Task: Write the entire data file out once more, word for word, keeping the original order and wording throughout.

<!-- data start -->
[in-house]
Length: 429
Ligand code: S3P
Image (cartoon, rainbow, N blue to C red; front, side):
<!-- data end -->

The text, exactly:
[in-house]
Length: 429
Ligand code: S3P
Image (cartoon, rainbow, N blue to C red; front, side):